Ellen G. White: The Progressive Years: 1862-1876 (vol. 2)


Ellen G. White: Volume 2—The Progressive Years: 1862-1876


An Explanation the Author Would Like to Have You Read

The foundations of the Seventh-day Adventist Church had been quite well established by the early 1860s, the time with which this volume opens. The doctrinal structure was well formed, each major point having been dug from the Word of God and its certainty attested to by the Spirit of God. The battle for church organization had been fought and largely won. 2BIO 9.1

A journal, the Review and Herald, was serving as the organ of communication and, in a sense, as a pastor throughout the ranks of the Sabbathkeeping Adventists. A publishing house in Michigan was in operation, supplying literature for the church and its outreach. The time had come for notable advances. 2BIO 9.2

The health reform vision of June 6, 1863, within days of the official organization of the General Conference of Seventh-day Adventists, opened up new vistas for a people preparing to meet the Lord. The vision of Christmas day, 1865, led the church into institutional medical work. 2BIO 9.3

With the rapidly growing church suffering a shortage of evangelistic and administrative personnel, the need for a denominational school was keenly felt, so a college was established in Battle Creek. 2BIO 9.4

As the years passed, the third angel's message reached out to the West Coast, and developments in California led to a call for a church-sponsored journal, a publishing house, and a medical institution in the west. At the same time, the work of the church was getting a foothold in Europe, and J. N. Andrews was dispatched across the Atlantic to foster the developing work on another continent. These were indeed “progressive years,” and in these advancements James and Ellen White stood at the forefront—James, an apostle and organizer; and Ellen, a prophet, messenger of the Lord. Theirs was a closely united ministry from which the church benefited greatly. 2BIO 9.5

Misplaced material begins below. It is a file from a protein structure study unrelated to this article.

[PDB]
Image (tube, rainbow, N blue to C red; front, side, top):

Camp meetings were introduced and soon became a dominating feature in binding the churches and church members together. This made it possible for the handful of ministers who were preaching the word to be free to engage in aggressive evangelism. During this period Ellen White, partly by force of circumstances and partly impelled by the Spirit of God, developed into an articulate, moving, and much-sought-after public speaker. Her ministry served not only the members of the church but the general public in popular temperance drives with their mass meetings. 2BIO 10.1

These were years of prolific writing, marked by the issuance of several small volumes and seventeen numbered Testimony pamphlets. These currently fill the last half of volume 1 of Testimonies for the Church, as well as volumes 2 and 3, a total of nearly 1,650 pages. 2BIO 10.2

Ellen and James became aggressive advocates of good health. In this they were guided by the visions, but obtained a practical knowledge in health lines through the study of the work of others dedicated to reforms. They moved away from the traditional, largely futile, medical procedures of the times. 2BIO 10.3

With the coming of marked success in the work of James and Ellen White, Satan attacked both of them, not only through illness but in the discouragement created by disloyalty. However, faith and earnest efforts brought ultimate victory, and before the narrative of this volume closes, James White is seen as a strong leader, establishing a publishing house in California and starting the weekly journal Signs of the Times. At the same time he continued to give support and guidance to the longer-standing enterprises in Michigan. These were indeed the progressive years, yet years perhaps not so well known as some earlier or later in the life of Ellen G. White. 2BIO 10.4

That the account this volume offers of God's guidance through years good and not so good may reinforce the structure of confidence of every reader is the sincere wish of the author. 2BIO 10.5

Arthur L. White